Can you name the three biggest health care issues we face today? I don't mean the purely operational ones springing from the Affordable Care Act and other reform efforts, although no doubt those are keeping hospital executives up at night. Rather, the three issues I'm thinking of are more clinical in nature, with potentially dire implications for the health of vast numbers of individual Americans, as well as the financial well-being of the nation.

The thing is, these days, hospital CEOs have to pay more attention to the clinical side of things; it's no longer a domain they can leave entirely to their physician and nurse leaders. To keep their organizations relevant — and, yes, financially viable — executives have to really understand the health challenges of their communities and meet those challenges in the most efficient and effective ways possible. Population health management and partnering across the care continuum are priorities, particularly as hospitals and health systems take on more of the financial risk of providing patient care. It's become something of a mantra in the field that today's hospitals must be both health care providers and health promoters.

Not everybody will agree that the issues I list below are the three most urgent, and I invite you to tell me what you think pose even bigger challenges. Email me your responses at Here goes:

Obesity: This one may be a no-brainer, but the fact remains that too many Americans are too darn heavy, and it's making a lot of us sick. Kids are now getting certain types of diabetes that past generations of young Americans weren't even at risk for. Heart disease is climbing. So are stroke, orthopedic problems and any number of weight-related conditions. The cost of treating these obesity-triggered diseases was estimated at $109 billion in 2005, and it's been climbing ever since. So's the bill hospitals, EMT services and others are spending to retrofit facilities and equipment, and to hire more people to lift these patients. Yes, there has been good news recently about a drop in obesity rates among very young kids, but nobody knows if that will be sustained as they get older. In the meantime, the rate of extreme obesity among older generations keeps climbing.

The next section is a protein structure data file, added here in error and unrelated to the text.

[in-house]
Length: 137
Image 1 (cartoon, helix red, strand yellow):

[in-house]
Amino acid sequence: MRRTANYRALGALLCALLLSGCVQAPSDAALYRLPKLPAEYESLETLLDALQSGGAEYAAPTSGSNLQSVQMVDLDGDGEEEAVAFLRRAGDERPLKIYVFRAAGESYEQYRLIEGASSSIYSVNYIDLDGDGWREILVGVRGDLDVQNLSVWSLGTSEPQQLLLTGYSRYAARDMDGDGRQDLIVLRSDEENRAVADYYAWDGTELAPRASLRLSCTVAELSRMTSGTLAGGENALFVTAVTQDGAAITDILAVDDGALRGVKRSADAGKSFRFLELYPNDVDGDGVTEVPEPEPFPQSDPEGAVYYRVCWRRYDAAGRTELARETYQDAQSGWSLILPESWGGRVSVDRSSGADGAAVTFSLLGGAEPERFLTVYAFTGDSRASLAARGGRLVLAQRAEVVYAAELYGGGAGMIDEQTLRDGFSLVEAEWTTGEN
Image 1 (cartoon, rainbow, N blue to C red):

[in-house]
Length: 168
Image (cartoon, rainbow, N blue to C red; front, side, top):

Antibiotic resistance: OK, I may have written once too often about this particular problem, but, honestly, it scares the heck out of me. More signs that we are losing the war against drug-resistant bacteria seem to pop up all the time. Just last week, researchers at Rush University Medical Center here in Chicago reported that the rate of childhood infections caused by bacteria that produce the enzyme extended-spectrum beta-lactamase have increased over the last 10 years. Although the rate is still small, it's another indication that certain bacteria can develop resistance to antibiotics more quickly than pharmaceutical manufacturers can improve those drugs or come up with new ones. We must invest in more research, and in his budget proposal earlier this month, President Obama earmarked $30 million a year over the next five years to detect and prevent so-called “superbug” infections. We must also cut the amount of antibiotics we feed livestock and avoid eating and serving patients foods produced using antibiotics unnecessarily. Most importantly, providers must stop the overuse and misuse of antibiotics in treating children and other patients.

Dementia: Need I point out that as baby boomers move into senior citizenhood, Alzheimer's disease and other forms of dementia will exact an ever-greater toll? The toll is already high. A recently published study states that more than half a million Americans died of Alzheimer's in 2010, a huge jump from the approximately 84,000 deaths reported by the Centers for Disease Control and Prevention, which acknowledges its number is far too low. Altogether, about 5 million people in this country suffer from Alzheimer's. The direct costs of caring for people with Alzheimer's and other dementias was $109 billion in 2010. A March 19 editorial in the L.A. Times contends that “we can't afford not to spend more on Alzheimer's research,” and I agree. The editorial points out that 2010 health care costs were $102 billion for people with heart disease and $77 billion for those with cancer. But while federal funds allocated for cancer research total about $5.4 billion this year and $1.2 billion for heart disease, research on Alzheimer's and other dementias will receive only about $666 million in federal funding. True, President Obama signed off in 2011 on the National Alzheimer's Act to find new treatments, and OK'd $100 million in additional federal funding for research on Alzheimer's and related dementias. But, as the Times advocates, more money is needed not only to search for effective treatments, but also to find ways to actually prevent dementia in people at risk.